Stephen M. Vantassel
Atlas of the Bible
Knowledge of biblical geography and an appreciation for its role in understanding Scripture is a common weakness for Christians. Carl G. Rasmussen addresses this weakness in Zondervan’s Atlas of the Bible as he progresses through Old and New Testament history with clear, easy-to-read maps, photographs and supporting commentary.
Part 1 covers the physical attributes of biblical lands, such as elevations, climate and habitat zones. The relief maps reveal why the ancients chose certain valleys and passes for both travel and the founding of cities. Particularly noteworthy is a land chart that illustrates the size of areas in the Middle East by comparing them with the us.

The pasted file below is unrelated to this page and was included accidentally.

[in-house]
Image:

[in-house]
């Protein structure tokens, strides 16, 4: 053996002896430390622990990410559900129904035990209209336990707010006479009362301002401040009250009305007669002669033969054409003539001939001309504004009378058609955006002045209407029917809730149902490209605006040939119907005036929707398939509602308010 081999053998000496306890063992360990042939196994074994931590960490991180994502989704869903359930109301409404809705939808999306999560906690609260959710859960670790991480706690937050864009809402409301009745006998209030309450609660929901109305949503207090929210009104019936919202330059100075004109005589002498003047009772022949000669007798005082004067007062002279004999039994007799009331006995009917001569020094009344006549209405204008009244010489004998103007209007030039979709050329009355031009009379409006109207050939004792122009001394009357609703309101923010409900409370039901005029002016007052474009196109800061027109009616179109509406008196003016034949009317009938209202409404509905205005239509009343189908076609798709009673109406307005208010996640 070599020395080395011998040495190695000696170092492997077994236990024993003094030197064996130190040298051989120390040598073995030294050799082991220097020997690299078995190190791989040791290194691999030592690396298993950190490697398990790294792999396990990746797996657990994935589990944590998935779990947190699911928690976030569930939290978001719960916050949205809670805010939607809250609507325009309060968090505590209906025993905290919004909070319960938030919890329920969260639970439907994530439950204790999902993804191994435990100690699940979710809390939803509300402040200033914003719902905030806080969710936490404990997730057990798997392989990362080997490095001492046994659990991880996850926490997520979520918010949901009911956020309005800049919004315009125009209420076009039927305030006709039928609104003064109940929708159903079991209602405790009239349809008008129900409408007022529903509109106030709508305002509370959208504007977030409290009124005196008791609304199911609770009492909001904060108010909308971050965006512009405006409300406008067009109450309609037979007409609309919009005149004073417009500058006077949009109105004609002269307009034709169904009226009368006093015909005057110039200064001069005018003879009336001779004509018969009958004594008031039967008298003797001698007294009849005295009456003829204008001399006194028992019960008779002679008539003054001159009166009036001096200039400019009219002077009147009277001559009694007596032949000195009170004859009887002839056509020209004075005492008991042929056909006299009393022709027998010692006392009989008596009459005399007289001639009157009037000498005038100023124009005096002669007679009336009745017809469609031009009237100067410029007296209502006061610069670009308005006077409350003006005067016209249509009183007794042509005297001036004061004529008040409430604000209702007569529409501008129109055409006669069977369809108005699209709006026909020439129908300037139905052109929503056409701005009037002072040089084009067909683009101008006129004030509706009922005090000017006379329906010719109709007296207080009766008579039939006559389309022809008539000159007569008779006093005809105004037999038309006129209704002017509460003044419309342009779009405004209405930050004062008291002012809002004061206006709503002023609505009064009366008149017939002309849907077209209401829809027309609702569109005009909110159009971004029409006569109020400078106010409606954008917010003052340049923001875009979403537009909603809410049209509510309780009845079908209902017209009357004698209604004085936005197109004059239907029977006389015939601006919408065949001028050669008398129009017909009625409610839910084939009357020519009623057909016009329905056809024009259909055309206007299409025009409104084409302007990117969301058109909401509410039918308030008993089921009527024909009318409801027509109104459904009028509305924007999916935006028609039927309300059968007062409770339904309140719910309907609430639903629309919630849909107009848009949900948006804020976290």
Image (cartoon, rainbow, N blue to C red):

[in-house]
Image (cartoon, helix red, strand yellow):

Part 2 contains atlases based on historical periods, beginning with the pre-patriarchal age and ending with Paul’s travels. Bible students will appreciate Rasmussen’s succinct description of key events in the period and maps that illustrate political boundaries and battles.
This atlas gives due attention to both the New Testament lands and Paul’s travels. The political and relief maps are reinforced by photographs that provide a good sense of the land and times.